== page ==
You’ll be able to rest easy knowing you’ve tested a nutrition plan that loads you up with energy, avoids fibre, and leaves you ready to run your best time yet.

What is your favourite pre-race dinner? Let me know in the comments below – see you there!

Eat clean, run strong, be well… Cheers,
sarah

Sarah J Cuff, RHN

Image 8PS. When Olivier Jardon-El Hiny first approached me, I couldn’t help but think he ate so well already that there wasn’t much value I could add. However pretty much every one of us can be doing something more – and for Olivier it was practicing nutrient timing – ensuring he was eating enough of the right foods at the right times. This focus on proper fuelling for his Ironman 70.3 training (and race) gave him the tools he needed to succeed! Click here to read how eating 2 run benefited Olivier.

Comments 5

  1. Pingback: The One Superfood to Avoid on Race Night | Eat 2 Run | Know What You Eat

  2. Sarah…I’m doing a half on Sunday, and I don’t know what an “activation” run is! Should I ? I’m resting till then…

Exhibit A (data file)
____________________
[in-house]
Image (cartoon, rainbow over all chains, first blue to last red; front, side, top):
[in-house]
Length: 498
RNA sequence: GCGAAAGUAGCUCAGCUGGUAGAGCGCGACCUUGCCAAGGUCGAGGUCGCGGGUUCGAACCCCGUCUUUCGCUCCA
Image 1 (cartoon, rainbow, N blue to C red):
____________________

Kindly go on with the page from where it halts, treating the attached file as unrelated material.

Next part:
Thanks for the advice:) Ellie

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      Author

      Hi Ellie… An ‘activation run’ may be more commonly called a warm-up run. It is meant to be no more than 30 minutes long, done at a very, very easy pace and simply ‘activate’ the neuromuscular system without causing any residual fatigue. Some runners find doing this ‘activation run’ the day before racing ensures they don’t feel sluggish on race day. However, if this is not something that was part of your training routine… Don’t worry about it this round, rest as you have planned! You may want to consider adding activation runs in the future before your long training runs (or not!) 🙂 Good luck this Sunday, have fun!k

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      Author

      Awesome Irene! Best of luck in your training and as you develop your own personalized nutrition program for your fall marathon… So happy to hear this helps, thanks for sharing 🙂